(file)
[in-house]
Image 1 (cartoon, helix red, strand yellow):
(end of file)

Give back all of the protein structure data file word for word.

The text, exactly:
[in-house]
Image 1 (cartoon, helix red, strand yellow):